* Take a Walk on the Happy Side is an absolutely extraordinary blog. Maggie says she was inspired by me, but I’m far more inspired by her. She has identical twin boys, now 4 1/2, with Down syndrome, and she’s been posting recently about their surgery and their difficult recovery. I’m awed by Maggie’s determination and sweetness of spirit. Check it out.

* Word-of-mouth Day! Today, I gently encourage (or, you might think, pester) you to spread the word about the Happiness Project. You might:
— Forward the link to someone you think would be interested
— Link to a post on Twitter (and follow me @gretchenrubin)
Pre-order the book for a friend
— Put a link to the blog in your Facebook status update
Thanks! I really appreciate any help. Word of mouth is the BEST.

Other posts you might be interested in . . .

  • grant_b

    Many of these seem like really good advice (especially 3, 4, and 12), but #1 and #2 really wouldn’t work for me. Neither my wife nor I don’t seem to get “hints” — if she left her prescription bottles out on the counter, it would never occur to me that this was a request. Indeed, pretty much anything other than directly asking doesn’t get interpreted as a request. And barking single words would just seem rude to us.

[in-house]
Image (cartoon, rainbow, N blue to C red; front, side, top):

However, something that’s not on the list made a big difference for us: understand that not all requests constitute nagging. Sometimes how you ask is as important as what you ask! If you maintain positive affect in your relationship, chances are good that both of you *want* to do nice things for each other. Most of the chores you ask a partner to do are trivial little things anyway. So the key is to tap into that impulse — the desire to please one’s partner — rather than having your partner feel nagged — i.e. acting in order to avoid punishment (even if it’s just in the form of more nagging).

    I think I’m a pretty typical guy in this; compare my reactions to these three statements:
    1.) “The trash really stinks!”
    2.) “Why haven’t you taken the trash out yet?”
    3.) “Could you please take the trash out for me?”